The Tall and Short of It

Everyone talks about how tall -- or short -- a child is, but does size really matter?

Such Great Heights

Two girls standing back-to-back

Ronnie Andren

Eight-year-old Sam Merritt can jump on his bed without worrying about hitting his head; he can squeeze into tight spaces during hide-and-seek; and he figures he'll never have to duck when he gets off the school bus. But he does have to listen to endless comments from strangers, classmates, and even relatives about his size. At 3'10", Sam looks more like a kindergartner than a third-grader. To make matters worse, his 4'2" twin sister, Amanda, is tall for her age. "People make the most insensitive remarks like, 'No, they can't be twins -- he looks like the little brother,'" says their dad, Scott, of Loganville, Georgia. "It bothers me, so it must get to him."

Four-year-old Veronica Meyer, however, has inches to spare. The 4-foot-tall preschooler from Brooklyn is the same height as many 7-year-old girls. Her 2-year-old sister, Natalie, is tall too. "People ask what I feed them, like there's some super food for height," says their mother, Julie. "I'm nearly 6' and my husband is 6'2". Our daughters obviously inherited our tall genes, but people still feel the need to point out their size."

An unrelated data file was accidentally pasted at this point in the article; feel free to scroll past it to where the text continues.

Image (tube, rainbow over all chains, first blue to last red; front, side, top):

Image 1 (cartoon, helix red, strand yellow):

Kids come in all shapes: tall or short, round or pencil thin. And they all want to fit in and be accepted. But when you're dwarfed by classmates -- or you tower above them -- fitting in can be more of a challenge. "Kids get teased about physical differences like height, weight, having a big nose, or wearing glasses. Unfortunately, people make a lot of judgments -- and a lot of thoughtless comments -- based on appearances," says Meredith Dreyer, PhD, a pediatric psychologist at Children's Mercy Hospitals and Clinics, in Kansas City, Missouri.

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